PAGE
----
Derbyshire’s mobile library service – which last year loaned 719,000 titles – could be scrapped under council cost-saving measures.
The £720,000 service – which accounts for 17 per cent of all library issues – is under threat as part of Derbyshire County Council’s bid to save £157 million in five years.
Following a cabinet meeting on Tuesday, the public are invited to have their say on proposals which could include running a reduced service, or scrapping it altogether.
Cabinet Member for health and communities, Cllr Dave Allen said: “We are facing extraordinary and unprecedented budget pressures with cuts of £157m over five years so it is inevitable that many of our services, including libraries, will be subject to review.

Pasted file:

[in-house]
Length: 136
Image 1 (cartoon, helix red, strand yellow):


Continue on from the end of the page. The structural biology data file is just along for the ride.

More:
“Sadly we have no alternative but to review services − these are savings the council has to make and if we don’t face these challenges now we will be storing up significant problems for the future.”
A nursery that regularly uses the mobile library has said service cuts would be a “great loss”.
June Francisco, manager at ABC nursery on Middlecroft Road, Inkersall, said:
“The children would definitely miss it. They love it and we use the books to help us when we are doing topics, and for things like baking.
“It is an important learning experience for children. They learn about taking care of books, borrowing things and making sure they are returned.
“A lot of the children would have to go to Staveley to get books out from the library there. For a lot of them, that just wouldn’t be possible.
“It would be a great loss.”
The service is primarily used by older people, schools, nurseries, and housebound customers. It includes ten vehicles – two of which were overhauled in April – and employs 26 people. A public consultation on the proposals will start in January.